The man slated to become minister of justice in the new government has also proposed lowering the mandatory retirement age of judges from 70 to 67, with immediate application.  If adopted, this proposal would amount to removal from their posts of the Chief Justice and two other justices of the Supreme Court who are regarded as among the more liberal judges on the Court.  This is, of course, the tactic used in Hungary and Poland to get rid of “inconvenient” judges. The courts of the European Union ruled that this tactic was incompatible with European law (here and here).  In Israel there are no external judicial constraints on legislation.  

Changes in control over the settlers in the occupied West Bank

Some information for Israelis (and the rest of us)

Why do Americans turn a Blind eye to Israel’s Ethnic Cleansing of Palestinians? / Children are on the frontline of Israel’s war on Gaza – again / How the United States helps to kill Palestinians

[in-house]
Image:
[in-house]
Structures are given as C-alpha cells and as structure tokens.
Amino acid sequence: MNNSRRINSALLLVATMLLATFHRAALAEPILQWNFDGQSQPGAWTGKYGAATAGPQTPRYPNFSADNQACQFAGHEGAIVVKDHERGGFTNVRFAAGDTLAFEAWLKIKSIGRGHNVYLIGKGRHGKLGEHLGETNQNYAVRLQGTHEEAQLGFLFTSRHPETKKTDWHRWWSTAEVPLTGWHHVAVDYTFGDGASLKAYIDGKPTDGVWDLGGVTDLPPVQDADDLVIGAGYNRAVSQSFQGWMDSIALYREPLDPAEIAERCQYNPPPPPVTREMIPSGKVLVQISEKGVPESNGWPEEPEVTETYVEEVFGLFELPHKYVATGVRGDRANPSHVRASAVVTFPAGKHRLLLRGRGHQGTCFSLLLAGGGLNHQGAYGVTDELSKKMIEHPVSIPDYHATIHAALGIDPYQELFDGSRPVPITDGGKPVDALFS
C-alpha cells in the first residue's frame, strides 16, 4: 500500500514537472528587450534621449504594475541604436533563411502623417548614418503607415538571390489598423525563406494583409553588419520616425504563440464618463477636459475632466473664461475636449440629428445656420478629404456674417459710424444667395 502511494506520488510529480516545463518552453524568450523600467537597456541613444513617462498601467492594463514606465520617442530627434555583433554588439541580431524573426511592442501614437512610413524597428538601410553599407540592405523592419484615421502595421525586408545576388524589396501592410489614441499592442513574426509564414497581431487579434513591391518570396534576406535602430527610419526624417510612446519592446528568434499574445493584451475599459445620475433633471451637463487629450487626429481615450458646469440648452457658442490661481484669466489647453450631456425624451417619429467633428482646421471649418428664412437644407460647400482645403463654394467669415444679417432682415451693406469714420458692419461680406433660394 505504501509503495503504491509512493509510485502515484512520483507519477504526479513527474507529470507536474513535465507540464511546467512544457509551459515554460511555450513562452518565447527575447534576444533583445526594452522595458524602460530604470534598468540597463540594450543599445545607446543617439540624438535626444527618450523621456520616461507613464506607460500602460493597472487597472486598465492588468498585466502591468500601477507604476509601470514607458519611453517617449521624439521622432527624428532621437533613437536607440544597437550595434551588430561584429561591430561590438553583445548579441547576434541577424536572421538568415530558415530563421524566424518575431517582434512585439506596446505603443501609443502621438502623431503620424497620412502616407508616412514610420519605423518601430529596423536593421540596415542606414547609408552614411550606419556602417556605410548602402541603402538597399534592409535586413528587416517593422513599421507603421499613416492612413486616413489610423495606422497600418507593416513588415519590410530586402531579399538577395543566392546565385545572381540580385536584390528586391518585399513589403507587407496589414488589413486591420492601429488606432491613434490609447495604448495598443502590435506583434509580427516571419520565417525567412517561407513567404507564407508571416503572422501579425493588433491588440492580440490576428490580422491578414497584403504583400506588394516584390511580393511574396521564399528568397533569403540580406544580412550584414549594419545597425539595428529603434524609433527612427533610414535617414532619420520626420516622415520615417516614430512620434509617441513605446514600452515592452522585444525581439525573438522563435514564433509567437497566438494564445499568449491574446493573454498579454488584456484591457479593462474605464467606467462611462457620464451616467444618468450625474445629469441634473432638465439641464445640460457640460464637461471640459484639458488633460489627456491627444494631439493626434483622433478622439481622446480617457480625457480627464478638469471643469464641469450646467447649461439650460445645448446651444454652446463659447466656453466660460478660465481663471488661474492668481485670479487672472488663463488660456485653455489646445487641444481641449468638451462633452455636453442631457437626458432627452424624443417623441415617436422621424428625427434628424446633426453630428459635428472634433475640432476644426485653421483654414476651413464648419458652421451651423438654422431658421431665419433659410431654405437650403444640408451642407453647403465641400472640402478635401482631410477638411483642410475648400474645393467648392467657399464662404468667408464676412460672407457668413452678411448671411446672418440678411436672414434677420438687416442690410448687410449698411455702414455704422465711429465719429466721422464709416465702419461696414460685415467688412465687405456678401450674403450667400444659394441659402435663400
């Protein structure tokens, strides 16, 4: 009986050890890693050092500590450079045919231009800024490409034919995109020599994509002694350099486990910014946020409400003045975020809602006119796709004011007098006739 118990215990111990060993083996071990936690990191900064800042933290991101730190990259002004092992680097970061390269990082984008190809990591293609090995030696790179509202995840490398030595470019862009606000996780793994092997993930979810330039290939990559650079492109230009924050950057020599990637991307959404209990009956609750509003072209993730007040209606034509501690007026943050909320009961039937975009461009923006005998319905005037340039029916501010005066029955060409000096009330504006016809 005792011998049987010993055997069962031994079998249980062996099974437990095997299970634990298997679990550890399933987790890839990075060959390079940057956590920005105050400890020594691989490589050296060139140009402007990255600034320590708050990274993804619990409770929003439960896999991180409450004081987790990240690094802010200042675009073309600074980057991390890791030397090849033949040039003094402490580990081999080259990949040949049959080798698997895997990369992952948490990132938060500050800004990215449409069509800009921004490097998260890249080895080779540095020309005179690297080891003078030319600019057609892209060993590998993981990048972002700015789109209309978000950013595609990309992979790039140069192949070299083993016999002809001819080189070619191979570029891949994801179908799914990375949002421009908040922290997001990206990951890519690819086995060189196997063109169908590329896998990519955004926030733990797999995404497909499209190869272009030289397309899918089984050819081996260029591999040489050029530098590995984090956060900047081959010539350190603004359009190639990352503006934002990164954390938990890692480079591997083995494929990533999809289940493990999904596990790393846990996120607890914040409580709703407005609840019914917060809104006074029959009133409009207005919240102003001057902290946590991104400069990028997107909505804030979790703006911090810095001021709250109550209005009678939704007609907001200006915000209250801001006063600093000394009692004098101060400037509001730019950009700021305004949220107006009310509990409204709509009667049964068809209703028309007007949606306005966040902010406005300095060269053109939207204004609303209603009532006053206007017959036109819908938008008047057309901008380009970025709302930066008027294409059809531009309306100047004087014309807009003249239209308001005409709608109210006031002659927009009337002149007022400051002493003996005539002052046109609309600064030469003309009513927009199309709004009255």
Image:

Hedges: Alice Walker and the Price of Conscience

Aya Al-Ghazzawi: After the nightmare of the Gaza massacre, what comes next?

David Shulman: Cracks in the Israeli Consensus

The latest UN report blasts Israeli apartheid re: Palestinians, Demands Countries Take Action

Roy Cohen – ‘In our teens, we dreamed of making peace between Israelis and Palestinians. Then my friend was shot’

Nesrine Malik: Abandoned by governments, Palestinians rely on the kindness of strangers